Buster Douglas: “I thought Tyson was getting up until I had seen him looking for that mouth piece and then I knew that he was really hurt”

buster_douglas

Buster Douglas

by Geoffrey Ciani (Interviewed by Jenna J & Geoffrey Ciani) – Last week’s 119th edition of On the Ropes Boxing Radio (brought to you by CWH Promotions) featured an exclusive interview with former undisputed heavyweight champion of the world James “Buster” Douglas (38-6-1, 25 KOs) who currently trains John L. Smith Junior (2-0, 2 KOs). Douglas talked about training his young heavyweight, spoke about his career and his fight with Mike Tyson, reflected on the Klitschko Brothers and the current state of the heavyweight division, gave his views on Pacquiao-Mosley, and more! Here is what he had to say:

On training young heavyweight John L. Smith Junior:

“His name is John L. Smith Junior. I’m pretty excited about it. He’s a heavyweight and I think he’s got a bright future ahead of him. He works hard and he’s got a lot of talent and he’s eager to fight.”

On making the transition from boxer to trainer:

“There hasn’t really been that much of a transition. I’ve always been working with kids in the gym when I go to the gym, so this has just been more intense, of course. It’s been a nice ride so far.”

His views on whether he can train someone to a world championship:

“That’s my goal to help him become a world champion. I’m giving him advice and stuff and helping along the way.”

Regarding how he first got involved with the sport of boxing:

“Well I was introduced to the sport of boxing through my father. He was a National Amateur Champion and a light middleweight and a light heavyweight contender, so that was kind of what brought me to it.”

On what made him decide that he wanted to be a professional boxer:

“I decided after my junior year in college to give it a shot. I really felt that I had the desire to go professional and see where it would take me and it led me to the heavyweight championship.”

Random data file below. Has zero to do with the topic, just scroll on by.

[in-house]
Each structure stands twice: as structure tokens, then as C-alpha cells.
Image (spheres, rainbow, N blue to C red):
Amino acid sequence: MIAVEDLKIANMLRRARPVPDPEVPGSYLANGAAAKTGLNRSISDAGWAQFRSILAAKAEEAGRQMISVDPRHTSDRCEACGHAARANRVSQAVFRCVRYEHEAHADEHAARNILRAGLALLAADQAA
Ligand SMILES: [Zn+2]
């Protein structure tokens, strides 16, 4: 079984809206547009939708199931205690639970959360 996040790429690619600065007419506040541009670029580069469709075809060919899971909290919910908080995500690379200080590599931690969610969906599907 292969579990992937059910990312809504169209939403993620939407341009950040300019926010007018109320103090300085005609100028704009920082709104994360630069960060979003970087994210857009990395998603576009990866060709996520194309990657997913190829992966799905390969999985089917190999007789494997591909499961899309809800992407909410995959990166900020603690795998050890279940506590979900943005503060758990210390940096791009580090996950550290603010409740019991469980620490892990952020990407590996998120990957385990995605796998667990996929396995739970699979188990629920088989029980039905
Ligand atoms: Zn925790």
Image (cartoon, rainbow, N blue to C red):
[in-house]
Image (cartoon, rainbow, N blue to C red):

Whether he had added pressure on him given his father’s prior involvement in the sport:

“Well a little bit, because my father fought with a little different style than I did and everybody was expecting me to emulate him I guess. Once I kind of established myself as a fighter/boxer more so than a banger it kind of let itself be known I guess.”

On taking a fight on three day’s notice to replace Trevor Berbick against Randall “Tex” Cobb and what that victory did for his career:

“That was a big win because Cobb was a contender. So with the opportunity, John called me and he asked me, ‘What do you think about “Tex” Cobb?’ and I said ‘He can be beat’.”

The experience of his first title shot against Tony Tucker:

“Yeah that was a pretty tough time for me. We were still really, John and I, and J.D, and my dad were still kind of gelling and coming together. There were a lot of problems that we were having in the camp leading up to that fight and I think it just spilled over into the fight. It kind of came out in the fight because we had a lot of problems. That’s why I think that fight didn’t really go like we planned, but then we just had to go back to the drawing board and we restructured our camp. We started fight again until we got another opportunity.”

His views on the current state of the heavyweight division:

“Well you know it’s just kind of different now because you don’t have very many or any American champions now in the division. When I was coming up the top ten was dominated by Americans and today there are a lot of different contenders out there and as far as the world champions they’re all foreigners. It’s different and I look at it as an opportunity and I always tell Junior that. It’s an opportunity for a good American heavyweight to go in there and really do well.”

On why he believes we have not had a good American heavyweight to seize the opportunity and fill that void:

“I think that sometimes you got to really test a kid along the way as he comes up through the division and I think a lot of these heavyweights now are really being tested as they progress into becoming contenders and getting lined up for an opportunity to fight. What I mean is put him in with a good opponent coming up where you can see how his progress is. I’m not saying overmatch him, but there is just a way about doing things and when they finally get a chance for a title shot they’re a lot more prepared and they feel more confident going into the fight.”

His views on the Klitschko brothers as champions in today’s heavyweight division:

“Well I think they’re good fighters and you’re going to have to definitely go in there and know what you’re doing when you get in there because of their experience. They’re in great shape and they come to fight in each and every fight. I think there is an opportunity for a good American heavyweight to go in there and really put up a good challenge against them. To me it just looks like an opportunity but you got to be ready when you go in there because those guys, when they come in each and every night they’re ready to fight.”

His views on how the Klitschko brothers would have fared in his era of the heavyweight division:

“I think they would have done well, because they’re good fighters. Like I said you’d have to come to fight. They’re good fighters and they’re being brought up right. Each and every night the Klitschkos are ready to fight so you got to be on your A-game when you go in there.”

On whether he believes “Junior” has a chance to become the next great American heavyweight: